It was here that the red-tailed hawk soared overhead, then suddenly dropped sharply to alight on a bale of hay, undoubtedly in search of prey. Though I marveled at its beauty, agility, and grace, I thought of how my grandmother loathed every hawk that dared to threaten her barnyard flock of laying hens.
With nothing but time on my hands as we raked and baled hay*, I began to think about eagles and falcons and a book, My Side of the Mountain by Jean Craighead George, which was a favorite of fifth graders when once upon a time I was their teacher. The story is about a boy who runs away from home (and as far as I know none of my students ever ran away) to spend a year alone in the Catskill Mountains where a peregrine falcon becomes his companion and provider.
Later, that evening, I climbed the stairs to the attic room to find that old book, and went to sleep that night with Sam and Frightful as they were sleeping in their snug winter home carved from a huge hollow tree deep in a hemlock forest on a lonely mountainside somewhere in the Catskill Mountains.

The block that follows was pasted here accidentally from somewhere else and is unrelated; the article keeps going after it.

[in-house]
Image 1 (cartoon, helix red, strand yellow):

In this book, Ms. George explains in detail many of the edible foods that Sam harvested from the forest, and methods of preparing those foods. From start to finish, it is a book filled with information on surviving in the wild. And, of course, the training of a falcon is paramount. It was quite fitting that a visitor to Sam's mountain asked him simply, "May I call you Thoreau?" It's a good read, not only for the young, but also for those of us who like to think young.
While I was upstairs, in the research room, as it has been dubbed by a certain fellow around here, I looked at other books on the shelves and realized how many of them deal with studies of nature. It is, undoubtedly, something that holds great appeal for me. I like to think that I am a student of nature, and that the class will go on forever....
|Sam could have used this one...|
|My most valued resources... even though electronic devices have become quite valuable too.|
|Informative and inspiring...|
* As of yesterday, the haying is finished for this year! Yay!